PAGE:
It’s not enough for teachers to sympathize with students in urban schools; educators must stand in solidarity with them if youth are to succeed.
That’s what Jeffrey Duncan-Andrade, assistant professor of Raza Studies and Education Administration at San Francisco State University and one of the speakers at the Teacher 4 Social Justice conference held Saturday at Mission High School, told a full auditorium. The crowd of some 1,200, mostly K-12 educators in the Bay Area, gave him a standing ovation at the end of a speech that both encouraged and offered a reality check.
“There’s a generation of teachers who see education as a pebble-less path. There’s no hope in that,” said Duncan-Andrade, who has been teaching in urban schools for 18 years. “We need teachers who are willing and able to confront trauma.”
Duncan-Andrade spoke about the struggles confronting a large number of urban youth in poor and working-class communities, such as poverty, homelessness, gang activity and immigration raids.
Those topics were also addressed in workshops in the one-day conference.
“Schools are a reflection of our society,” said Jose Martinez, a participant. “There’s a lot in society that needs to be addressed.”
The 44-year-old graduate student at Stanford is preparing to become a teacher.
He said a lack of mentors for students in impoverished neighborhoods often hinders youths’ chances of graduating from high school, going to college and eventually earning advanced degrees.
“Many students of color don’t see teachers who look like them. And when you go up in education, it gets worse,” Martinez said.
Workshops at the conference were designed to assist teachers confront challenges that are specific to students of color, gay students, or poor students. One workshop discussed examining the plight of undocumented immigrants in high school economic classes.
“The awareness of undocumented students and immigration is important because there’s a lot of misinformation, even among educators,” said Eurania Lopez, 39, a participant.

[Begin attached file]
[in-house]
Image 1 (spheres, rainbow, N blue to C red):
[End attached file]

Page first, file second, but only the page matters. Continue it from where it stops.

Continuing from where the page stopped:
In its ninth year, Teachers 4 Social Justice conference attracted educators from Los Angeles, San Diego, New York, Oakland and San Francisco.
Itoco Garcia created Hip Hop Scholastics, a Hip Hop-based curriculum for teaching elementary school children their ABC’s, months, calendar days, and numbers. Children clap to beats of the music during the learning exercises.
“In our communities, we used songs, chants, and oral storytelling as a way to remember out people. That’s why Hip Hop works,” Garcia said.
Approximately 1,200 people—ranging from high school students and education advocates to booksellers and police-monitoring activists—attended the event, Karen Zapata, co-founder of Teachers 4 Social Justice said. Vendors set up tables, banners, posters and colorful hand-made signs along the main hallway leading to the two-story auditorium.
It was a festive atmosphere.
“Here’s a chance for the school district to capitalize on President Obama being in the White House,” said Arnold Hart, a bookseller with Ashay By The Bay, which carries African American and multi-culture children’s books.
While the novelty of having the first black president has worn off for American politicians, he said, children are still excited.
“Social justice means being open to people of every race,” said Pricilla Diaz, a 15-year-old student from Point Loma High School. “For everyone to be equal.”
Diaz said she traveled from San Diego with her mother and two other school friends.
“To have social change, we need to look at who we really are and see where we’re going,” she said.
It is absurd to believe that a child can’t learn from a teacher who has a different skin color than themselves.